“Situational Analysis” is a series of articles that seeks to examine the circumstances that most often influence an NBA prospect’s success. Each player will be scored on a scale from 1-10 in four different categories: NBA-specific skill(s), fatal flaw(s), collegiate/overseas/pre-NBA environment, and ideal NBA ecosystem.

Carlton Kaleel “Bub” Carrington III is a 19-year-old guard from Baltimore who averaged 13.8 points, 5.2 rebounds, and 4.1 assists for the Pittsburgh Panthers. He is expected to be selected in the middle of the first round. NBADraft.net currently has him projected at No. 12.

NBA-Specific Skills

Basketball’s current Sloan Conference-influenced geometry emphasizes the value of two main areas of the basketball court: the space directly behind the 3-point line and the space immediately next to the rim. Of course, there is significant square footage in between those areas that often goes neglected.

Carlton Carrington is a master of the NBA’s forgotten territory.

Carrington is a truly elite bucket-getter in these lower-efficiency areas. With an And1 Mixtape handle and a yo-yo’s change of pace, Carrington is exceptional at getting a defender on his heels and sticking a 15-footer in his eye.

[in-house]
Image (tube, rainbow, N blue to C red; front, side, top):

In today’s social media parlance, Carrington is a hooper. To quote legendary Houston rapper Scarface, Carrington “makes the impossible look easy.” The higher the degree of difficulty, the better the shot. He only needs to see one or two find the bottom of the net before he enters NBA Jam “he’s on fire” mode.

Carrington isn’t a one-dimensional gunner, either. He has a point guard’s mentality and prefers to get his teammates involved the second a defense sends a second man in his direction. He’s tall for a playmaker – 6-5 with a 6-9 wingspan – and uses that extra height to spot open teammates from unorthodox angles. He keeps his cool under pressure and takes care of the ball for such a high-usage player (4.1 assists to 1.9 turnovers).